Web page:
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I am currently studying the Fourier transform in Euclidean Space $\mathbb{R}^n$, using Knapp's book "Basic Real Analysis".

Upon proving the property that the Fourier transform turns Convolution in $L^1$ into multiplication (that is, if $f,g$ are in $L^1$ then $\mathcal{F}(f*g) = \mathcal{F}(f)\mathcal{F}(g)$ we use Fubini's theorem.

Here the author states that the following interchange is valid:

$$\begin{equation} \int \int |f(x-t)g(t) e^{-2\pi i x \cdot y}| \, dt \,dx = \int \int |f(x-t)g(t) e^{-2\pi i x \cdot y}| \, dx \,dt \end{equation}$$

I have trouble justifying this on my own - since I am integrating over $\mathbb{R}^n$, I think I cannot use Fubini's theorem immediately because it is a statement about $\sigma$ - finite measure spaces, is that correct ?

EDIT: As of the comment below, this is not a problem because Euclidean space is $\sigma$ - finite with respect to Lebesgue measure

So then the question becomes how do I apply Fubini's theorem, not knowing whether the product of the two functions is absolutely integrable ?

In case the left hand side is finite I can indeed use Fubini's theorem. Now if I suppose that the left hand side is infinite - I must show that the right hand side is also infinite and this is where I struggle with the argument ..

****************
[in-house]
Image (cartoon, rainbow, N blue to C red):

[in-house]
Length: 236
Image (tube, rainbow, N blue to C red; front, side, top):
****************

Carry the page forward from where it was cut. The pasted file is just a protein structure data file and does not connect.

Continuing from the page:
(I am sorry for being so confused, somehow I cannot get my head around Fubini's theorem and Lebesgue - integrable functions, I always mix assumptions, properties etc up. Thanks for your patience!)

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The space R^n is sigma-finite with respect to the Lebesgue measure. – Did May 20 '12 at 12:18
Ah .. I confused finite and $\sigma -finite$, of course these notions are different. I edit the post immediately so that it is not wrong, thanks for this comment! – harlekin May 20 '12 at 12:22
The next step is that one knows the product is integrable since, by the change of variable $s=x-t$, the integral of its absolute value is exactly the integral of |f| times the integral of |g|. – Did May 20 '12 at 12:52
@Didier Ok, so you say that if we make the change of variable $s = x - t$ then $dtdx = dtd(s + t) = dtds + dtdt = dtds + 0= dtds$ and then I have an integral of the form $\int f(s) g(t) dsdt = \int f(s) ds \int g(t) dt$ where the left hand side is finite because $f$ and $g$ are in $L^1$. Is that correct ? – harlekin May 20 '12 at 13:10
Another version of Fubini's theorem (also called Tonelli's theorem) states that, assuming $\sigma$-finite measures, interchanging integrals is always valid when the integrand is non-negative; if one integral is infinite then so will be the other. – Nate Eldredge May 20 '12 at 13:51

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